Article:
There are four twinkle variations in the Suzuki repertoire: Twinkle variations A, B, C, and D. However, my Suzuki instructor affectionately referred to them as “Mississippi Hot Dog”, “Run Pony, Jump Pony”, “Bounce, Roll, Bounce” and “Twinkle Theme.” I have chosen to continue using the fun names with my students.
Mississippi Hot Dog and Run Pony, Jump Pony are both songs designed to teach staccato technique as well as to strengthen the fingers by requiring the student to play repeated staccato notes in a row. Repetition is an important aspect of the Suzuki method.
Traditionally, “Bounce, Roll, Bounce” is taught as the third variation, but I have started teaching “Twinkle Theme” before “Bounce, Roll, Bounce”. My reasoning for this is because “Twinkle theme” teaches legato technique only, whereas “Bounce, Roll, Bounce” incorporates both legato and staccato techniques. Some students find it more achievable to play legato only before attempting to combine it with staccato.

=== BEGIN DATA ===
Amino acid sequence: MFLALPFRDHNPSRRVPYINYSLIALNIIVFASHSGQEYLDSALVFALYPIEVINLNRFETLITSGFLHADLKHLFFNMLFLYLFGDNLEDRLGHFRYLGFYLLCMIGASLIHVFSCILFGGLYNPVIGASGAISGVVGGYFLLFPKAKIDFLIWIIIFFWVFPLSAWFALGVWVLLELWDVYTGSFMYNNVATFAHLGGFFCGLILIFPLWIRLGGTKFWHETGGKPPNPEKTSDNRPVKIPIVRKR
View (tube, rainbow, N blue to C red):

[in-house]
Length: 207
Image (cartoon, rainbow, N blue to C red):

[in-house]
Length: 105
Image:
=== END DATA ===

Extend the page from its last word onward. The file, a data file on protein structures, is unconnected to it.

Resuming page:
In order to accomplish staccato and legato techniques, students are given fun visuals and demonstrations such as “plucking tissues from a box” (incorporating the wrist action) and “see-saws” (connecting notes/sounds by having the fingers “take turns” up and down in a back and forth rocking motion). Students are also taught the importance of playing with beautiful tone: “how we make the piano sing!”
After students can play all four twinkle variations with note accuracy as well as beautiful tone and technique, they are awarded their “Twinkle Certificate” the first big achievement, which is usually accompanied by a lollipop!
Note: I personally think we are never too old to have a little fun! But for older students who may find the twinkles too childish, I begin with scales and incorporate staccato/legato techniques before moving on to “Lightly Row.”